The prayers of the world might be focused on Haiti, but Jewish tradition says God was paying special attention yesterday to a little rowhouse synagogue on South Fourth Street.

"May all your prayers be answered," Torah scribe Menachem Youlus said each time he extended his ink-stained hand to the men and women departing the open Torah scroll at Congregation Shivtei Yeshuron Ezras Israel.

More than 50 had come to ritually ink in a letter of the restored scroll, but few seemed prepared for the emotion of the moment. "I still have tears in my eyes," said Howard Sorkin, 64. "This is something I will never forget."

Two years ago, the city had condemned crumbling Shivtei Yeshuron - the last of the hundreds of Orthodox neighborhood shuls that once dotted South Philadelphia - for demolition.

Yesterday, however, members and friends of the little synagogue, with its flaking, stamped-tin walls and ceiling, were celebrating its new future by inking the final letters of their restored, 97-year-old Torah.

While inking ceremonies are a tradition when a synagogue gets a new scroll, the honor of lettering in the last words typically goes to the rabbi or congregation president.

But like most of the immigrant rowhouse synagogues of a century ago, Shivtei Yeshuron, founded in 1876, does not have its own rabbi. And so it allowed any adult Jew who came through the doors yesterday to step up to the bimah, or Torah platform, and take up Youlus' quill pen.

"First you have to wash your hands," synagogue president Rich Sisman explained as people arrived, pointing them to a sink and instructing them in the short hand-washing prayer.

Sisman helped raise the funds to rebuild a crumbling outbuilding at the back of the synagogue that spared it from condemnation.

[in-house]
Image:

Most of its members are not Orthodox, said Sisman, a fiber-optics designer. But the congregation keeps it so to honor all the Orthodox shuls, now vanished, that were once the heart of the city's immigrant Jewish life.

In groups of four they stepped up to the elevated bimah at the center of the sanctuary.

Youlus, a Torah scribe, or sofer, from Wheaton, Md., invited them to simultaneously clutch the quill: a short feather whose central shaft was sharpened to a point.

"You're all scribes now," he told them, only half in jest, and then instructed them in the solemnity of the moment that awaited.

"By writing just one letter in this Torah, it becomes yours."

But this was no ordinary mitzvah, or good deed, Youlus continued.

"This is the highest form of charity. When you fill in your letter you will have God's undivided attention.

"Even with all the six and a half billion people in the world, God will be listening at that moment only to your prayers. And so you can change the world.

"You can ask God for peace in the Middle East," he said. "You can ask for an end to world hunger. And if there is someone you know who is deceased, you can ask God to move that person's soul closer to him."

"This is your one opportunity to change things," Youlus said, grinning broadly. "You get to play God. And there's nothing wrong with playing God."

He then invited each person to come forward and state his or her first name in Hebrew, hold the quill with him, and say: "I'm doing this for the good deed of lettering the Torah" or, in Hebrew, leshem mitzvat ketevat sefer Torah.

Crouching over the open scroll, Youlus guided the person's hand to a Hebrew letter of the Torah that he had outlined during the restoration but had not fully inked.

As the person held the back of the quill, Youlus, holding the front, would then ink in the letter. After both stood upright he would extend his hand. "May all your prayers be answered."

The youngest "scribe" of the day was Alex Berger of Northeast Philadelphia, 22. The oldest, lifelong South Philadelphia resident Sam Blyweiss, was 93.

"Oh, my God," said Herb Chilnik, 73, as he stepped up the bimah around 2 p.m. "I was bar mitzvahed here - what? Sixty years ago. And it still looks the same. I can feel my father here," he said, pointing to a pew in the front. "That's where he always sat."

After each inking of a letter with Youlus' help, a member of the congregation recorded in a notebook the precise chapter, verse, line, and letter - an aleph, or lamed, or shin, or resh - that each person filled in.

One of the many women who lettered the Torah also said she felt overwhelmed by the occasion.

"Just being allowed, as a woman, to do something like this was an honor, a thrill," said a woman who gave her name only as Phyllis.

After identifying the exact letter - a tau - she had inked, she pulled open an English translation of her Torah portion and studied it closely.

It was Genesis 1:2. "Now the Earth was unformed and void," she read.

"From now on," she said, "that's going to be my verse."